Community Practice Skills for Social Workers: Using the Social Environmentp. 131
Assessment: Discovering and Documenting the Life of a Communityp. 133
The Landscape of Our Livesp. 133
Assessmentp. 134
Philosophies of Assessmentp. 136
Forms of Community Assessmentp. 139
Community Assessment Applications to Our Own Workp. 148
Community Reengagement: Hitting the Bricksp. 149
Conclusion: Unpretentious but Necessary Outingsp. 150
Using Assessment in Community Practicep. 155
Assessment as a Basic Social Work Processp. 156
Assessment: Information-Gathering Methodologiesp. 156
Integrating Methods to Suit Assessment Needsp. 175
Assertiveness: Using Self in Community Practicep. 182
Use of Selfp. 182
Expansion of Selfp. 185
Beliefs and Outcomesp. 190
Assertiveness: An Overviewp. 192
The Boundaries of Assertionp. 195
Actors and Applicationsp. 196
Assertiveness and Class or Minority Statusp. 198
Purposes and Benefits of Assertiveness in Social Workp. 198
Broader Conceptions of Assertivenessp. 200
The Context and the Setting for Assertive Behaviorp. 203
Modes of Assertive Communicationp. 204
Assertive Social Workers Needed: Summaryp. 206
Appendix 7.1: Being Assertive: Learn Through Role-Playingp. 206
Using Your Agencyp. 215
Attributes of Human Service Agenciesp. 216
Perspectives on How Organizations Function: A Brief Reviewp. 222
Examining the Formal Structure and Operationsp. 226
The Informal Structure: What is Not on the Organization Chartp. 231
A Paradigm of the Competitive Culturep. 232
Computer Resources and Uses and Virtual Agenciesp. 233
The Virtual Agencyp. 235
Working the Systemp. 236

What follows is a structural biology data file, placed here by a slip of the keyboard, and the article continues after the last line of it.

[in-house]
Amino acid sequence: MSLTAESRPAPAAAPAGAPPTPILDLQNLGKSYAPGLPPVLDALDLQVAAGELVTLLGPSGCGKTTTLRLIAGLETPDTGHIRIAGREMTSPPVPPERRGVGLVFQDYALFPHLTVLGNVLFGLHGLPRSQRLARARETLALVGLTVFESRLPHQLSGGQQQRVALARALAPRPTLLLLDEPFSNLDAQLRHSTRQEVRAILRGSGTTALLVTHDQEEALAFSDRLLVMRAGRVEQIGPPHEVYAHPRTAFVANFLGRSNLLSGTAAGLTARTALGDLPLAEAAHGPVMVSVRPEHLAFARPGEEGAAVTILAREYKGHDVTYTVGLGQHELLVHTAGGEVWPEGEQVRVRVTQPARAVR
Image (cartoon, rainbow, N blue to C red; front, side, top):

Changing the Agency from Withinp. 237
Using Work Groups: Committees, Teams, and Boardsp. 248
A Case Examplep. 249
Teamsp. 250
Group Development and the Role of the Social Workerp. 252
Some Caveats on Groupsp. 255
Effective Meetingsp. 257
Dealing with Group Problemsp. 263
Conclusionp. 269
Using Networks and Networkingp. 272
What is a Network? What is Networking?p. 272
Why Networks and Networking?p. 273
Social Exchanges and Networksp. 274
Network Dimensionsp. 274
Domain Consensusp. 274
Establishing and Maintaining Domains and Networks: The Practice Challenges and Tasksp. 282
Bargainingp. 284
Mediation and Arbitrationp. 286
Establishing and Maintaining Domainsp. 286
Virtual Networks and Networkingp. 287
Clients and Social Support Networksp. 288
Using Marketingp. 303
Markets and Marketingp. 304
Marketing Challenges for the Social Services and the Social Work Professionp. 305
A Market Orientation for the Professionp. 309
Marketing and Community Practicep. 311
Strategic Marketing and Market Managementp. 315
The Marketing Audit Guidep. 334
Using The Advocacy Spectrump. 340
Making Change Happenp. 340
Social Action and Advocacyp. 341
Advocacy Spectrum: Spanning People and Policyp. 343
Public Interest, Political, and Cause Advocacyp. 350
Supporting the Spectrum: Job Descriptions and Advocacy Posturesp. 358
Key Advocacy Skillsp. 361
Appendix 12.1: Illustrative Exercisesp. 366
Using Organizing: Acting in Concertp. 371
Community Organizing and Organizationsp. 372
Community Buildingp. 373
Asset-Based Community Buildingp. 376
Using Community Assetsp. 379
Focus, Focusp. 382
The Theme of Connectingp. 395
Community Social Caseworkp. 402
What is Community Social Casework?p. 403
Community Social Case Work Knowledge, Skill, and Tasksp. 406
Community Assessment and Patch Analysisp. 407
Ethnographyp. 407
Community Social Casework Protocolp. 407
The Conception of the Community, the Social Resources, and the Task Environmentp. 410
Effectiveness of Community Social Caseworkp. 415
Subject Indexp. 419
Author Indexp. 431
Table of Contents provided by Ingram. All Rights Reserved.